This is why I cheered Megyn Kelly of FOX News  for being visible against sad prude 2016 presidential contender Mike Huckabee, who made the dumb comment that he thought women in New York (and not Iowa, mind you) were trashy for cursing. She pointed out:

"Well I do have news for you before I let you go. We are not only swearing. We're drinking, we're smoking, we're having premarital sex with birth control before we go to work—and sometimes boss around a bunch of men!"
Um, exactly. We're people. We do stuff. We live. And being judged just for being, or having someone pretend "well these women are nice and these other women are trashy", or being treated as if our piety, dress, jobs, attractiveness, or other criteria, determine our worth as people, is just nonsense. Women are people. Like, newsflash. We have faces and wear the clothes we want and say what we want and even can run countries. It's no big. Not sure why it is seen otherwise.

4 comments:

mikey said...

I absolutely agree. You enter into your religious doctrine voluntarily - and therefore you accept its dictates and taboos. If I don't accept that doctrine, there is absolutely no requirement or expectation that I nonetheless follow its mandates.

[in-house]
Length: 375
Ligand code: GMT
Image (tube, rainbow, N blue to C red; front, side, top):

Also, there is a very strong misogynist streak running throughout the Abrahamic traditions. The expectation that women should be anywhere from subservient to chattel is widespread. But the covering in Islamic communities is a particularly toxic kind of implementation. It is highly coercive - the women are expected to accept the religion, and that means they must accept whatever the clergy impose upon them. But beyond that, this odd fixation on sex and sexual behavior in one of the most prudish cultures in the world is bizarre. It demonstrates a kind of arrested, adolescent cultural development I find wholly distasteful..

Formerly Amherst said...

Signora Vixen, I seldom approve of anything President or Michelle Obama do.

In this case, I applaud both of them. These symbolic gestures are very important and have a resonance beyond the specific event.

The Scottish church (mostly Presbyterians) were very upset when Queen Elizabeth wore black when meeting the pope. Black as the color of penance and Queen Elizabeth is the head of the Church of England. So by wearing black it was suggesting that there were something inherently penitent about Protestantism. The Scottish church is notoriously Protestant (Freemasons originated in this area) and so it was regarded as a definite no-no.